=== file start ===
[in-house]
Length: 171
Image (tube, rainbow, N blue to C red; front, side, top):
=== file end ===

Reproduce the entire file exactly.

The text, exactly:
[in-house]
Length: 171
Image (tube, rainbow, N blue to C red; front, side, top):